Why a home birth is not my first choice…

I am now 38 weeks pregnant, and I just visited the midwife at our Birth Centre last week to discuss my Birth Plan. I am in full-on preparing and nesting mode! And the top item on the list, is, of course, having the baby! The midwife said I was a good candidate for a home birth — due to my experience with two natural births, breastfeeding, tandem breastfeeding, and having had a very quick labour during the last time. But I am choosing not to have a home birth, even though I love the idea. For me, and in my experience, I will feel more empowered and confident in labour if I have the back-up support of science and medicine around the corner.

With my previous two births, I have a fairly clear picture of how I would prefer things to go in labour, but I also know that each baby and each time is different. No two (or three) babies are similar. Actually, no two births are alike, just like no two humans are alike.

So much judgement can be shared over what ‘type’ of birth is best when really it is a positive birth experience that all mamas should be given. A space where birth is best for them, where they feel empowered, safe, and supported. That is what really matters.

My preference is a birth centre, that allows the patient to lead the way, within a hospital setting. So, if something goes wrong, I have the safety net of science and medicine around the corner. And luckily, living in London, there are many of these birth centres to choose from. I have actually now given birth at two of them and am hoping to have my third at another birth centre which is even closer to where we now live as well. We are very lucky to have these facilites in the UK!

And, of course, labour could happen quickly, and perhaps I will end up having a home birth. I realise anything is possible. After all, my last birth happened 45 minutes after I arrived at the birth centre! I actually ‘stole’ another woman’s room who was in the queue for having a baby but not nearly as far along as I was when I arrived thru the door! (Not to worry, she had a room in the end, I didn’t leave her in the hallway while I raced to the finish line!)

And, I should be clear, I respect and admire women who have home births, and wish I could experience one. I love the ease and practicalities of having a home birth, in your nest, at any time your baby wants, not needing to coordinate items and pack beforehand, and rush out of your home, while arranging last minute (and often middle of the night) childcare if you already have children, etc.  And, not being in a hospital, which can be rather clinical and sometimes cold.

And despite all of my childbirths (so far) being completely natural, the reason I need science should anything go wrong is because, in our case, we did, in fact, have a beautiful birth that resulted in needing very very serious medical care for our baby. It was rare, so very rare. And I don’t want to add to the birth ‘horror’ stories, I will just leave it that it was absolutely unusual. Despite zero signs of anything appearing wrong during labour, it was a very big scare. It had nothing to do with being a natural birth, or water birth. But, luckily, and to our massive relief, and that science-based safety net, everything, in the end, was completely fine.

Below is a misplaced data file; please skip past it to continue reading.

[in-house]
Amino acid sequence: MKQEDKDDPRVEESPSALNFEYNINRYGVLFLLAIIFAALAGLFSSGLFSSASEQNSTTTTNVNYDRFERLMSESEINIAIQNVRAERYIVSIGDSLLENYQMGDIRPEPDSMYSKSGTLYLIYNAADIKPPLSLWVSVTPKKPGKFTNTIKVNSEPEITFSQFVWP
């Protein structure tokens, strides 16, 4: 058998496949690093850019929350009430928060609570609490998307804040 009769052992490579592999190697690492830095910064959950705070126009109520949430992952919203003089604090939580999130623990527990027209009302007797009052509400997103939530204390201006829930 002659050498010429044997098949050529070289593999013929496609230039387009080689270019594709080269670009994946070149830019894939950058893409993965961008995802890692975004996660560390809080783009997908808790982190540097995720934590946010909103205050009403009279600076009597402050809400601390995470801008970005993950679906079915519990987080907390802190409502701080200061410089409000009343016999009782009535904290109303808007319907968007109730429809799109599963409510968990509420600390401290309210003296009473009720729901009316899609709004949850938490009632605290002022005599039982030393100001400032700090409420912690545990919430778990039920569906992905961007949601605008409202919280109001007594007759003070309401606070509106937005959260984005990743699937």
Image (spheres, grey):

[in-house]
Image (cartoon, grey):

My husband and I know how extremely low the percentage of cases like ours were. (He is a researcher for a living so he can tell you all the incredibly low statistics on it). And we were fortunate to be under the care of a senior midwife (thank goodness!) who had birthed over 1000 babies in birthing pools all over the globe. But that experience has given me great appreciation for all that is involved in birth, and modern medicine. And life.

Yet still, I admire, respect, and even am slightly envious of mama’s that have home births. So many of my friends say it’s been one of the most beautiful things to have a baby at home. I can imagine that is the case! And I know the chances of things going wrong are extremely rare. But the comforts of a baby born with the right support system should an emergency arise, well, that’s what I need most. 

What do you think? Are you more comfortable with birthing at home or in a hospital? Or is it about the right support system and less the physical space? I would never want my decision to cast shade on your choice. Again, it is what is right for the mama and her family.

I love the variations of experiences and reflections on the topic of birth in our Babyccino lteam. Emilie’s post on how she views natural births versus using medicine during childbirth. And then Courtney’s post on a conversation about orgasmic birth. Isn’t it interesting how differently we all bring babies into this world, and our opinions and levels of comfort.

These articles are also informative if you want to read more about home birth in the Netherlands and Esther’s son Bram’s home birth, and Courtney’s thoughts on her children watching while she gives birth. Also I love Esther’s article about preparing for a home birth.

I would love to hear your thoughts on birth place was your preference.

One thing I do know is that life, and birth, is never dull. I just hope it is a positive and healthy experience. 



ps These are both digital and film photos by the lovely Polly Geal. Thank you again to the talented London lifestyle photographer Polly Geal of Little Kin Photography for taking these photos of me here and here during my pregnancies. Such beautiful memories to treasure and love.


Comments (10)

May 22, 2019